Populist Vogel pulls back from firm leadBISMARCK, N.D. — Some 41 years after entering legal profession, Sarah Vogel is getting “out of the frying pan,” as she puts it. As of May 15, the Sarah Vogel Law Partners law firm will have a new name — Baumstark Braaten P.C., named for partners Beth Baumstark and Derrick Braaten.
By: Mikkel Pates, Agweek
BISMARCK, N.D. — Some 41 years after entering legal profession, Sarah Vogel is getting “out of the frying pan,” as she puts it. As of May 15, the Sarah Vogel Law Partners law firm will have a new name — Baumstark Braaten P.C., named for partners Beth Baumstark and Derrick Braaten.
Vogel, who turned 65 May 3, says she’s anxious for a different role. She’s moved from her bigger office in the historic Bismarck (N.D.) Tribune building in downtown Bismarck into a small office. She’ll remain “of counsel” to the firm that carried her name, but only selectively be involved in new cases.
Significantly, Vogel will finish work on the Keepseagle v. Vilsack case — a national class-action lawsuit started in 1999 in which the U.S. Department of Agriculture is paying discrimination settlement to American Indian farmers and ranchers.
“I’m not, per se, swearing off all litigation,” Vogel says.
Just a few days ago, she volunteered to work with Braaten on a case in which oil and gas companies have sued landowners for more than $50,000 for trespass, when the landowners simply were photographing spills that affect that affect lands in western North Dakota.
“I’ll have the opportunity to keep involved, but not have it be an impediment to all of the other things I want to do with my life,” Vogel says.
Vogel was admitted to the bar in 1970. After a career in government law in Washington, she started a private practice in 1982 out of a “windowless, airless basement office” from which she was locked out for nonpayment. She says she moved to Grand Forks, N.D., where her father, Robert Vogel, gave her a job and let her live in the basement.
Her first major case was Coleman v. Block, a national class-action lawsuit against the U.S. Department of Agriculture, which she won May 5, 1983. The case stopped foreclosures by the then-Farmers Home Administration and propelled her into a legal career.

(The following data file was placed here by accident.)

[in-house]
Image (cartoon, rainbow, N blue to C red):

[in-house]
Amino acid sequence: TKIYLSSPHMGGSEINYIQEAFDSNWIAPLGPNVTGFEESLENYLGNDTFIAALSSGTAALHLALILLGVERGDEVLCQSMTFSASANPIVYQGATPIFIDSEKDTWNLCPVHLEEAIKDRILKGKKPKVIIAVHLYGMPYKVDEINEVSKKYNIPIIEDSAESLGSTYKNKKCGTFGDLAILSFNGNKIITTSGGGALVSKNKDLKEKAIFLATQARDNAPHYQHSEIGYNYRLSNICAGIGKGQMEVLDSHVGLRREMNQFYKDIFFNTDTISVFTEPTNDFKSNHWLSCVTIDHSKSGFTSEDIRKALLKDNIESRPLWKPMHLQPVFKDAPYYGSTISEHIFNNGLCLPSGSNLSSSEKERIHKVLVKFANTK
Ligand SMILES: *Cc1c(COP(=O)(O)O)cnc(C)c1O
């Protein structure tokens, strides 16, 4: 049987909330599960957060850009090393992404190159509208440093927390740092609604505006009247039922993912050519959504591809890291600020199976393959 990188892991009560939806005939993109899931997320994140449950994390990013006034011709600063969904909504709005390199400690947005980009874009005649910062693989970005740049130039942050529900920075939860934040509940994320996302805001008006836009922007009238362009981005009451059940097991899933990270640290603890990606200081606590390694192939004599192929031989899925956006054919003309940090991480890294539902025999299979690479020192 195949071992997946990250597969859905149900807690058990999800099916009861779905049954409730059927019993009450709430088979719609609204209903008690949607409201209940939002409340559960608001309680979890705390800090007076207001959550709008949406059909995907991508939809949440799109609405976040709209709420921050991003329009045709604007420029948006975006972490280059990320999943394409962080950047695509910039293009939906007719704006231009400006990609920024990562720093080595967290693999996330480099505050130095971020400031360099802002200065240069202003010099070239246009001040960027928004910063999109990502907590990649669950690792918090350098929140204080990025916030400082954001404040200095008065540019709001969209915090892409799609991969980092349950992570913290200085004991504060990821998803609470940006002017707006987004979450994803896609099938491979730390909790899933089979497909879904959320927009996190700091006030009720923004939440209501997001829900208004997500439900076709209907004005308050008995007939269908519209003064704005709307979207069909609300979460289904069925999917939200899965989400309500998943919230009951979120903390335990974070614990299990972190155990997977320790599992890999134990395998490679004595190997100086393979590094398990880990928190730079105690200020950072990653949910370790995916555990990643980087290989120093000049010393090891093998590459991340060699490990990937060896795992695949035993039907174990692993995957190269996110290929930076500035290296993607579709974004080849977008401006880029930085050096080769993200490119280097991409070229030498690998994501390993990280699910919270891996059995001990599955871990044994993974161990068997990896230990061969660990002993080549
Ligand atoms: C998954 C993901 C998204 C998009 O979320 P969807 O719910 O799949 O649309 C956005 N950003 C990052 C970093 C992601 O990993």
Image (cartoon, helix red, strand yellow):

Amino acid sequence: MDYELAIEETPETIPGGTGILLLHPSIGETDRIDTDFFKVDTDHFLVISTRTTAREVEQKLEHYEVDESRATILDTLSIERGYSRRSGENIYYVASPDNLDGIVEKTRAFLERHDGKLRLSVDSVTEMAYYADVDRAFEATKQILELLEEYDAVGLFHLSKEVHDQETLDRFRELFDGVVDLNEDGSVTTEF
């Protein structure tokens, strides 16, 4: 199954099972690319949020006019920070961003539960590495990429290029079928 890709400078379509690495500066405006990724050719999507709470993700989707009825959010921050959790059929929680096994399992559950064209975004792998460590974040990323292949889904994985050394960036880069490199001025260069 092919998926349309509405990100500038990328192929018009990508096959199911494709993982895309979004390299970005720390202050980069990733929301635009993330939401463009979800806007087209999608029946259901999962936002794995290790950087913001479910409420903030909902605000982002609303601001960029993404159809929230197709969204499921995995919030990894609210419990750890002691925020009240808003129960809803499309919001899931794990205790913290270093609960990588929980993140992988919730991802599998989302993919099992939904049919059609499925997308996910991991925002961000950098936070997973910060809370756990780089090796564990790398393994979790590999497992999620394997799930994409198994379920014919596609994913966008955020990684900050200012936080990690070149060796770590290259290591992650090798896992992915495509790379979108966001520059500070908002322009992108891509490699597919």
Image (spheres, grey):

She ran for North Dakota agriculture commissioner and served from 1989 to 1996. After deciding not to run for re-election, she returned to private practice with the Wheeler Wolf firm in Bismarck. In January 2005, she and law partner Beth Baumstark, a Carrington, N.D., native and University of Kentucky Law School graduate, started their own firm. From the start, they specialized in representing farmers and ranchers and also are known for representing surface and mineral owners in the oil fields, as well as wind power, coal and tribal issues.
Braaten, a University of Minnesota law graduate, joined the firm in 2007, when the firm was renamed Sarah Vogel Law Partners. He’ll take over the nameplate for her ag law columns in Agweek. Lindsey (O’Brien) Nieuwsma, originally from Grassy Butte, N.D., joined the firm in August. The firm is looking to add a full-time associate, as well as take on more clerks.
Among the recent notable the firm has pursued:
n Rudnick v. State Seed Department: A Minto, N.D., farmer purchased bad potato seed and sued the State Seed Department for failing to properly inspecting it. The case was settled out of court.
n Aageson v. U.S. Department of Agriculture: This is a Montana case where the firm got the 9th Circuit to rule in favor of awarding attorney fees to farmers appealing decisions by the U.S. Department of Agriculture to the department’s National Appeals Division.
n Dakota Resources Council v. Stark County: Braaten represented the DRC appealed a zoning commission approval of the mine establishment. After the DRC won the appeals, the mining company prevailed in subsequent zoning attempts.
Braaten says it’s important to provide access to the legal system for everyone in society.
Farmers and others should consider getting legal advice any time they enter contracts, Baumstark says.
“It’s much less expensive if people contact attorneys early on in the process, rather than having to go through more extensive and expensive” processes, she says.
If a farmer wants to walk away from a grain delivery contract, for example, he or she should talk to a lawyer about how to appropriately cancel it. A lawyer can help demand performance, keeping the farmer from being on the wrong end of a breach-of-contract case.
“If you don’t follow those procedures, you may be at fault,” Vogel says.
Vogel is happy that her firm has pursued matters that are difficult and has not been intimidated by “big corporations, big governments . . . taking them on no matter how big they are.”
Vogel says the harder cases are those that involve farmer-vs.-farmer conflicts.
“It’s easier to go against a big corporation because you don’t feel sorry for them,” Vogel says. “You never feel sorry for an insurance company, a bank, or government. The lovely thing about the court system is that everyone is even in front of a judge — provided you can get them to a court, provided you can tell their story.”
Vogel says she’s anxious to have more time for her personal pursuits. In the near term, she’ll participate in a triathlon June 26 in Houston. She also wants to spend time with grandchildren, do some traveling and spend time on some family farmland she owns in North Dakota’s Mountrail County.
“It’s beautiful out there,” she says.
The land overlooks Lake Sakakawea and is all enrolled in the Conservation Reserve Program.
“Technically, I’m a farmer,” Vogel says. “I’ve learned how to fix fence.”